Again, as I’ve said before, it is yet another way to marginalize Christianity and paint the Bible as a book of hate.  Why? Because it offends ungodly people. That will never stop,  Paul’s said in Ephesians 5:11 that the cross, itself, is an offense to certain people.  So what is our response? Silence? No. Ephesians 4:15 we are commanded to speak the truth…but to speak it with love. 

And if truth, spoken with the love of God, offends someone then so be it. We should never let our voices be quieted.  People need to hear the truth.

Bro. Tony

 


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Does this marginalize the Bible?

A few days ago a bill was passed in California that outlaws helping people overcome un-wanted homosexual or gender dysphoria desires for adults (it already had one that “protected” children from much-needed therapy). Other states have a similar law in place.  What makes this law standout from the rest of the ill-advised laws is wording that prohibits  the “advertising and offering of sexual orientation change effort”.

Critics of this law say it will eventually result in the ban of the Bible.  Proponents say it will do no such thing. The answer probably lies somewhere between the extremes, but it absolutely will result in the Bible being marginalized even more.  Remember a couple of weeks ago when I said that demonizing opposition to gender dysphoria leads to presenting the Bible as a book of hate?  This is step two.  In the state of California churches and Christians will be prohibited for advertising or offering the Biblical path to help and healing of those troubled souls.

“Oh no,” the liberals hiss “this would only apply to business that charge for their services”.  Of course it will.  Until an atheist person or group decides to sue and gets it in front of one of the wacky, Bible-hating California judges that seem to love dismantling the  Constitution and the right is gives us to live free from government intrusion into our religious beliefs.  Then we will see how broadly this law will be applied when it comes to the Bible. It is, you know, the “text book” from which Christian counselors derive their approach to homosexuality and gender dysphoria.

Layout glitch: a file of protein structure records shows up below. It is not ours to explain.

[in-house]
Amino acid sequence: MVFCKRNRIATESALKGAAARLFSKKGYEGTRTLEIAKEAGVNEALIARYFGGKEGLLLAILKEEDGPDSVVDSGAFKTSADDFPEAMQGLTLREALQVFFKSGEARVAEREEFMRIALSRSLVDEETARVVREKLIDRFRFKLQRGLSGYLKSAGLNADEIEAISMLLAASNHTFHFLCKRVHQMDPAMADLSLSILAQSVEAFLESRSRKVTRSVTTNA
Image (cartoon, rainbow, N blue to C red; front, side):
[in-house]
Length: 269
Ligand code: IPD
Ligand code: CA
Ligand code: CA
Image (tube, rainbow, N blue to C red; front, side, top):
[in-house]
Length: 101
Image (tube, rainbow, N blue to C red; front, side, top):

Add to that the “advertising and offering” of that service. If I say from the pulpit that the Bible says those things are wrong and that we “offer” help to those who suffer from them, will I be breaking the law? If my pulpit speech is protected (which I doubt) what about one of our church members “offering” the church’s help to an individual in a park or mall? The ”slippery slope” will quickly become a mudslide.

We Christians need to pray that God will not forsake us and that His strength empower us to stand strong and un-afraid on the solid foundation of the Bible.

Bro. Tony

 


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Setting the Mood

                I read an article about the worship activities of a church that was growing at a very fast rate. The accompanying photo was of the stage area in the church.  It was very dark, with a lot of purple accent lights, and spotlights on the worship leaders.  In explaining the reasoning behind the décor and ambience, a leader said that it helped set the mood for worship. Really? We have to set the mood for worship? Call me old-fashioned, but I believe worship sets the mood.

In Acts 16 Paul and Silas are in jail; they are praying and singing and the other prisoners are listening to them. I suspect that those two guys changed the mood in that place through their worship, not the other way around. I picture the early church, chastised and persecuted, meeting in hidden places and still singing praises to the Lord. Did the ambience of caves and catacombs prohibit the believers from worshiping? 

True worship is not found in the atmosphere of the place but in the attitude of the heart.  I’ve always said that if you can’t worship in a barn you can’t truly worship in a cathedral. I hope that in every church service your heart is filled with worship before the first note is played.  That, folks, makes the music and praise beautiful and a sweet savor unto the Lord.

I understand the importance of music in the modern-place worship setting. It does help us to truly have a “worship” service, but if the music is the determining factor in the quality of our worship, we are barking up the wrong tree.  We must prepare our hearts before we open our mouths.

I’m looking forward to worshiping and praising Sunday.

Bro. Tony